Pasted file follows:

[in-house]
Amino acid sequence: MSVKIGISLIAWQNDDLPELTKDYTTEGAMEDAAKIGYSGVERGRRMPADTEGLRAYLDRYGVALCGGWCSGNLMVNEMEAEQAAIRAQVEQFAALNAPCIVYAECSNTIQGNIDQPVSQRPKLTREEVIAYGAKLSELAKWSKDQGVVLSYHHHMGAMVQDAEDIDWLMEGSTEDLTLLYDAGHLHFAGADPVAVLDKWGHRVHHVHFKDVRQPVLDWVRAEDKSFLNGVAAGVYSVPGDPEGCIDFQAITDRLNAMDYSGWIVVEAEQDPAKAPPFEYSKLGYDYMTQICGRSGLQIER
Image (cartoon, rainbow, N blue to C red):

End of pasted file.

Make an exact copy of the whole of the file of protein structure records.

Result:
[in-house]
Amino acid sequence: MSVKIGISLIAWQNDDLPELTKDYTTEGAMEDAAKIGYSGVERGRRMPADTEGLRAYLDRYGVALCGGWCSGNLMVNEMEAEQAAIRAQVEQFAALNAPCIVYAECSNTIQGNIDQPVSQRPKLTREEVIAYGAKLSELAKWSKDQGVVLSYHHHMGAMVQDAEDIDWLMEGSTEDLTLLYDAGHLHFAGADPVAVLDKWGHRVHHVHFKDVRQPVLDWVRAEDKSFLNGVAAGVYSVPGDPEGCIDFQAITDRLNAMDYSGWIVVEAEQDPAKAPPFEYSKLGYDYMTQICGRSGLQIER
Image (cartoon, rainbow, N blue to C red):